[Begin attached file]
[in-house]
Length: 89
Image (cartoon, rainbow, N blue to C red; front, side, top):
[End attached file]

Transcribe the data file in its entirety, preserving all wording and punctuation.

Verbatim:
[in-house]
Length: 89
Image (cartoon, rainbow, N blue to C red; front, side, top):